Our work on The Oregon Trail, the educational game, progresses thanks to Internet Archive’s Software Library: MS-DOS Showcase and MS-DOS Games. There’s a lot of work to do as we study the game, how it developed through its versions, and how it developed the people who played it. Of course, it is necessary to make sure the program still works, so testing is necessary. (Success! Now, back to business.)
Games have been part of education because children like games. Adults do too, but they’re more likely to find a different motivation to learn, and may be so careful about appearances that they’d play.
Oregon Trail, as we’ve written about before, is one of the best examples of how computer games teach different things depending on how the game is played. While each player will always learn differently, the distinction goes deeper because computers and computing are always different. The game teaches about the lives of the pioneers on the trail, but it also teaches critical thinking, strategy, and the influence of chance.
Oregon Trail started with a version that required the player to type in the code. Regardless of the history lessons, the player had to learn something about programming. The power of a typo in code could be readily apparent, and make the game easier, harder, or simply bizarre. Shift a decimal point and the buffaloes can grow enough to feed the entire wagon trail, or so shrink to the size of squirrels, or defy logic.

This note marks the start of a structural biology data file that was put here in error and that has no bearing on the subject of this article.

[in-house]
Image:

As storable memory became available, the code may only have to be typed in once, which teaches some programming, and delivers the awareness of the underlying code, but eventually subsequent games and players can ignore the computer and computing and concentrate on the game and its lessons. The user’s manual for the apple II version (thanks to Internet Archive – and note yet another spelling of Apple II) even included the basis of math model so players would maintain some understanding of the game’s math, systems, simulation requirements, and data sources. Assumptions are explicit.
When software was delivered on disks, assumptions became implicit. The game could be played without learning about the programming limitations and requirements. Math models are only witnessed by their products, not because the equations are displayed.
As graphics improved, the nature of the play turned from keyboard commands in the 1990 version to point, click, and shoot in the 1992 version. The visuals emphasized entertainment rather than intellectual complexity.
Thanks to Internet Archive we can pull together a few of these versions for comparisons.
The game continues. Houghton Mifflin Harcourt continues to sell the game in yet new incarnations. The learning continues.
Oregon Trail is one of the easiest games to use as an example because it has spanned the various computer eras.
Other examples are more complex. Flight simulators have existed almost since the beginning of flight. The professional versions advanced outside public access. The home versions were toys to start, but now have advanced into valuable tools.
Oregon Trail, simulators, and others are opportunities for us to study how computers and computing affect learning and education. EdTech is a popular and profitable topic yet considering the impact of computers and computing on our society, very little has been done to study which level of technology is best for specific aspects of learning.
Our goal is to create an online space where such questions can be asked and answered. The size of the task is typified by the size of the game and simulation industries. There’s a lot of work to do, but first, of course, we have to make sure the games are playable.